By: Professor Brian Timms, Category: AMRI, Date: 01 Feb 2016
Few people have heard of clam shrimps, yet in many desert pools they are abundant and diverse.
Clam shrimps are a forgotten component of our freshwater fauna, so I set out to study these animals. Australia is blessed with eight genera (more than anywhere else on earth) but within Eulimnadia there were only 2 described species. My work has found 13 more, inhabiting temporary pools across the continent and proving Australia has the most diverse clam shrimp fauna in the world. But it is their function in ecosystems that is vital, most are important in food chains that end in waterbird biomass.
After desert rains, pools fill, and eggs that have laid dormant for years hatch and grow quickly in 5-8 mm shrimp in a bivalved shell. Such shrimp are delicate crustaceans with leaf-like limbs that are used for swimming, filter feeding and respiration. They suffer heavy predation, so they need to be quick breeders for populations to be maintained.
These primitive crustaceans are tough little animals, belying their fragile structure. Firstly, they lay eggs highly resistant to dehydration and heat. Some eggs hatch each wetting, (but not all - another adaptation to unreliable environmental conditions) and grow to adulthood in a matter of days, thus enabling species to persist in sites with short periods of moisture.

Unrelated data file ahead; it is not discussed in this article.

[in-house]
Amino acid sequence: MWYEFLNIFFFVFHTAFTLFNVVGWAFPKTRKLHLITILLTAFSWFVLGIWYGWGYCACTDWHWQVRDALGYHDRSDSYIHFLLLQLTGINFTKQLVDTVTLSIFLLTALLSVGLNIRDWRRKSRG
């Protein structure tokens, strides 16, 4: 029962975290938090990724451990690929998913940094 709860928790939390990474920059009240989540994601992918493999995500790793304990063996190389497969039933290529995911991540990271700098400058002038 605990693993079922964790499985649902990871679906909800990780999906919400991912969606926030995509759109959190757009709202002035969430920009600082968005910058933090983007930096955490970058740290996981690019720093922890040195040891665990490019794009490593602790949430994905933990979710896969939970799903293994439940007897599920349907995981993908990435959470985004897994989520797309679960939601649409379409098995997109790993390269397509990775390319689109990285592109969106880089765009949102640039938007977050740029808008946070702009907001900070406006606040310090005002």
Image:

Clam shrimps notoriously have variable appearances, determined partly by age, habitat, a breeding system dominated by self fertilization of hermaphrodites which can lead to unique cloning, and haphazard regrowth after damage. However I found their eggs vary little in appearance within species, and I learnt to separate species by the surface structure on the eggs which I studied by Scanning Electronic Microscopy at the Australian Museum. I was then able to cross match egg types to some reliable structures in their morphology, and so realise there were many distinct species.
Of the 10 new species I described most recently, E. gnammaphila occurs only in southern aboriginal gnammas (rockholes) and E. centenaria which was collected 100 years ago and sat on museum shelves for 10 decades. Finally I described E. pinocchionis, which has a very long snout and E. ulurensis that occurs only in the ephemeral rock pools on Uluru.
By persisting over many years I have uncovered an unsuspected diversity in Australian clam shrimp. My study proves that the arid zones of Australia are alive with life, but intermittently. The results of this research increase our understanding of the biology and biodiversity of these little animals, who play a critical role in the food chain and ultimately the biomass of many different species of fauna. Investigating our outback deserts after rains will amaze you!
Professor Brian Timms, Research Associate
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